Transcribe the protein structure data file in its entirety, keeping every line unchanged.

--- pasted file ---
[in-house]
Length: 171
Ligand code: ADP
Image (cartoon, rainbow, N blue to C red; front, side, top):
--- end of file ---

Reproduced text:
[in-house]
Length: 171
Ligand code: ADP
Image (cartoon, rainbow, N blue to C red; front, side, top):